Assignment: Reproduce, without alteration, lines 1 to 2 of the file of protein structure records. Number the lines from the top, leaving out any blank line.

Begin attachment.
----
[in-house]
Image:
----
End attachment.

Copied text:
[in-house]
Image: